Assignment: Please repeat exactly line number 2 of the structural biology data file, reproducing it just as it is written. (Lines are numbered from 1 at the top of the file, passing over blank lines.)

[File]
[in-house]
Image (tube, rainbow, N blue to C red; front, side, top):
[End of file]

Image (tube, rainbow, N blue to C red; front, side, top):